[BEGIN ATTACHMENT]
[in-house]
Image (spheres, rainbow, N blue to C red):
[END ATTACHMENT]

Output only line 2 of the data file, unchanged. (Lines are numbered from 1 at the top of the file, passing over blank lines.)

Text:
Image (spheres, rainbow, N blue to C red):